To Increase Your Brain Function, Quit Snoozing
The snooze button is the devil. Let’s just get that out of the way. It’s slippery; it’s sneaky; it’s subtle and nasty. But, we seem to think of it as this “little helper.” We have come to think of it as a little favor the clock makers cooked up to help us be better. But, it’s the opposite. It’s a demon intended to kill your day. Maybe that’s a bit harsh. But, here’s what I mean.
You set your alarm to go off at 6am (or 4:14 if you are like me) and your body gets startled at the sudden onset of melodic bells or harsh beeping. You jump up and blindly feel for the button. You know where it is because you’ve become accustomed to clicking it. It’s now your friend and you can find it in the dark. You press it with partial relief and partial angst. Ahhh, now you have 9 more minutes. No you don’t. You’ve actually just LOST 9 minutes but somehow the “little helper” has bamboozled you into thinking you are gaining something.
Some people defend the “little helper” by saying it helps them wake up more slowly. It helps them warm up to the day.
Let‘s unmask this. The “little helper” is actually:
1.Causing you to start your day with a weakened decision. You made the decision to get up at a certain time. But every time you click that button, you are essentially saying your first decision didn’t really count. You are going with the back-up plan. Your first decision wasn’t a solid one and you are giving in to the safety plan. It may be a stretch to take this from clock to character. But, every time you practice a weakened decision, it transfers to other areas of your life. Is the snooze button the only time you weaken and give in to the back-up plan? Start with strength. Jump up and seize the day when you said you were going to seize it. Be on fire. Time is not in control. You are!
2. Teaching you the art of procrastination. Procrastination is simply the art of delaying the inevitable. You’re going to wake up at some point. Why try to push the time? Besides, once you hit that button, it takes your body time to return to the full state of rest, then it subconsciously anticipates the ringing of the next interval. So, in a 9 minute snooze cycle, you might get a 4 minute period of rest. When repeated with continual “snoozing”, this is simply interrupted rest or what is known as sleep fragmentation. Some sleep fragmentation is unintentional, such as when a person has a medical issue or is under undue stress. But, the snooze button version of this is self-inflicted.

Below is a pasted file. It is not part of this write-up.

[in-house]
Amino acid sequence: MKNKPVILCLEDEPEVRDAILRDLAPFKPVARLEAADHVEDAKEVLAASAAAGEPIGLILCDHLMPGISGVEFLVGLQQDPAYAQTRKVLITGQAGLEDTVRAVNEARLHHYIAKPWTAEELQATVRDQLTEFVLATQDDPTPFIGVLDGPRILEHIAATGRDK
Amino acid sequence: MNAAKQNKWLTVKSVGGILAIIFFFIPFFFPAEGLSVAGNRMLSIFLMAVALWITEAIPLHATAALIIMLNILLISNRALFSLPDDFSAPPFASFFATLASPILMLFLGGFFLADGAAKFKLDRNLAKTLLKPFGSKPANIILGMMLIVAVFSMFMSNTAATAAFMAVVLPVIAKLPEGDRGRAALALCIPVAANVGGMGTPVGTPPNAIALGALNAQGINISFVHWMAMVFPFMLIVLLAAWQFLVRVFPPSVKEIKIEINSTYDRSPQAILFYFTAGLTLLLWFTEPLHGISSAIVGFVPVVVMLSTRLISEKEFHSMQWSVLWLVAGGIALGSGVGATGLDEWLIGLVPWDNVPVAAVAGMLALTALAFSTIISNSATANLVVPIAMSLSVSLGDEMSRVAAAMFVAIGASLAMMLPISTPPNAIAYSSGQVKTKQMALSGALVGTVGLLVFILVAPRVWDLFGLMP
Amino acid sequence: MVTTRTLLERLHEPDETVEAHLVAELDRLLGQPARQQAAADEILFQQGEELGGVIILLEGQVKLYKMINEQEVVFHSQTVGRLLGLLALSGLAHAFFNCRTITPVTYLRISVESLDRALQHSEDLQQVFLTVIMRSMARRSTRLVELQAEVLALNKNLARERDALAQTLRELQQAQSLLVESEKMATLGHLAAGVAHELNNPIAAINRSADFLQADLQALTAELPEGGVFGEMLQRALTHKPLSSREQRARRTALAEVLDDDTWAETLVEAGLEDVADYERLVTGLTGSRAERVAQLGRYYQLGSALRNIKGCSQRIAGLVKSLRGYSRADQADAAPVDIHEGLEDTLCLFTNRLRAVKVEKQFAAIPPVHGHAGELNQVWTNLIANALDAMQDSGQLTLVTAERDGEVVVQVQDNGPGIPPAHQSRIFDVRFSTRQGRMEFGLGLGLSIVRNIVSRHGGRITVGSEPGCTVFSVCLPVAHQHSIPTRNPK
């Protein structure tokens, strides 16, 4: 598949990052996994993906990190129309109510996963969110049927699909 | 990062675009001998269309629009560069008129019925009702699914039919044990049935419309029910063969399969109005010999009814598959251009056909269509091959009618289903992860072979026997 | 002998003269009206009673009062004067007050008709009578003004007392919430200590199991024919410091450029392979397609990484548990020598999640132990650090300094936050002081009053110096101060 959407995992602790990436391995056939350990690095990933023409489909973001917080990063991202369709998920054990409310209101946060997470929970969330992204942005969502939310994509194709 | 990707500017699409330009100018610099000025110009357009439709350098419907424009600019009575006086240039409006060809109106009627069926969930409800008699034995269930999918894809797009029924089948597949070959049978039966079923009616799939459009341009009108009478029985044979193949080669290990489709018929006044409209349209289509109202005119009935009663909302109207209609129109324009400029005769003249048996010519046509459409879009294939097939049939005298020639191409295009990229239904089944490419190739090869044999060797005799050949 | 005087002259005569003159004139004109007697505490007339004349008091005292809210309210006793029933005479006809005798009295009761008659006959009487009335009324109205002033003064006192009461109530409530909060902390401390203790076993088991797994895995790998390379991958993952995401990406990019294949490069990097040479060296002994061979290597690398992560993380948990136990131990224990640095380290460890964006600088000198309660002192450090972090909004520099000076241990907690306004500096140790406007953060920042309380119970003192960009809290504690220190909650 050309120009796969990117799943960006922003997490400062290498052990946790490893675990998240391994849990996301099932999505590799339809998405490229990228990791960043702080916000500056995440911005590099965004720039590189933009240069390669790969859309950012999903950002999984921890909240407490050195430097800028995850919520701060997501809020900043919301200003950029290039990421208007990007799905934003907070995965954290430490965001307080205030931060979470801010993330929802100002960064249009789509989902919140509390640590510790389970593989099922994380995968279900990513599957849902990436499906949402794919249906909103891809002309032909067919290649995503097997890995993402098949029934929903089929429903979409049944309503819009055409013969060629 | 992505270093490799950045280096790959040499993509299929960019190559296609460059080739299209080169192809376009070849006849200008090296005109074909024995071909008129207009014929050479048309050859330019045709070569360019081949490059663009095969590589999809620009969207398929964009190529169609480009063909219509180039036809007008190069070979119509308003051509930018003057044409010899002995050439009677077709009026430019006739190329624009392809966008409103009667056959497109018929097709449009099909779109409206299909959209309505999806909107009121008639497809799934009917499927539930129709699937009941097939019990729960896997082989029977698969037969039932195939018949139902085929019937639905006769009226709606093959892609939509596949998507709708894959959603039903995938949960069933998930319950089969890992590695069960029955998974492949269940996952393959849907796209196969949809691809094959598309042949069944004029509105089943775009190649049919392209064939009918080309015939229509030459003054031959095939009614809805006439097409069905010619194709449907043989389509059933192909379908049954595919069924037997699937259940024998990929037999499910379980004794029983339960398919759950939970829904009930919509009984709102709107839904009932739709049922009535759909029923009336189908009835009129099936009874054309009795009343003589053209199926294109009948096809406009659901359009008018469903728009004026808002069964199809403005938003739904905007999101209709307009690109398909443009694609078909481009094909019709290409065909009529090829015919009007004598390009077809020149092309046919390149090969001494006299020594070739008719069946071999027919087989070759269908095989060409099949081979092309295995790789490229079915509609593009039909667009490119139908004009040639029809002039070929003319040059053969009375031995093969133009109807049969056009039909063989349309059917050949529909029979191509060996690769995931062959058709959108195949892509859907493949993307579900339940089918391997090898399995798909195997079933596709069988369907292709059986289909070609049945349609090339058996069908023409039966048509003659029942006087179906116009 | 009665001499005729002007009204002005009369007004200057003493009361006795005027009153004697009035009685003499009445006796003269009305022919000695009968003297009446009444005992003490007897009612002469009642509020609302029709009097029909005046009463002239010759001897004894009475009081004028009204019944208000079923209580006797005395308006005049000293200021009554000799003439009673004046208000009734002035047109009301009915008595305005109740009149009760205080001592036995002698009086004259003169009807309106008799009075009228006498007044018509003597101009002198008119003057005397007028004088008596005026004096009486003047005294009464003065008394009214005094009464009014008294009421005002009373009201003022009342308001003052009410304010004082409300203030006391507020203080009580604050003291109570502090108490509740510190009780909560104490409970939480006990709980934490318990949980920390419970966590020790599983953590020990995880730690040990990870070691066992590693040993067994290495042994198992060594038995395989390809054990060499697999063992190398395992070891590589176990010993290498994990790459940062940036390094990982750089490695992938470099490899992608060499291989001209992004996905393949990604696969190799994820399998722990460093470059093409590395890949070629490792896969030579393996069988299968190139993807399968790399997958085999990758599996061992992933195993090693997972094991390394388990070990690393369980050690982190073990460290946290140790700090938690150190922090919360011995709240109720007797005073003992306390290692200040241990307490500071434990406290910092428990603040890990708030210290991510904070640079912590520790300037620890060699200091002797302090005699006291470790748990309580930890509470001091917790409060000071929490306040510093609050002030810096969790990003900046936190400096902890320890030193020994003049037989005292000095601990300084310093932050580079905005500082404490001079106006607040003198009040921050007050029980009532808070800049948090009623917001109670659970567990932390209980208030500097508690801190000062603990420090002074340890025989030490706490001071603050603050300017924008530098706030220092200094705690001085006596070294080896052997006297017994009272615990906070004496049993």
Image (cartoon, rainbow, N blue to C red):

Studies at the Sleep Disorder and Research center show decreased psychomotor and cognitive performance when sleep is continually interrupted, even in small intervals such as your “little helper.”
3. Interrupting your focus. We think of focus as something we do when we are awake. But, in The Sleep Revolution, Arianna Huffington notes that sleep “helps us keep the world in perspective. Sleep gives us a chance to refocus on the essence of who we are. And in that place of connection, it is easier for the fears and concerns of the world to drop away.” The time just before awakening is usually referred to as REM sleep. This is the state where it is thought most of our dreaming takes place. Dreaming is one way of organizing and making sense of the world around you and what is to come.
4. Robbing you of time. Either way you look at it, the “little helper” is a thief. It’s either causing you to fall behind by getting in a few more useless, unrestful winks or it’s interrupting the extra time you could have had if you had just made the strong decision to wake up at a certain time.
I have yet to find a study showing any real benefits to hitting the snooze button. The closest came when David Dinges, chief of the Sleep and Chronobiology division at the University of Pennsylvania, defended the “little helper” as not being a great villain. His noted benefit was use of the snooze button to gently awaken the body instead of falling back into a deep sleep. However, even he ended his “defense” by stating, “You’d be better off getting that extra 10 to 20 minutes of real sleep rather than doing that dance with the alarm clock.”
Getting enough rest is critical. It’s better to go to bed a bit earlier in order to get enough sleep than it is to succumb to the “little helper” and lower your daily brain function in the process.
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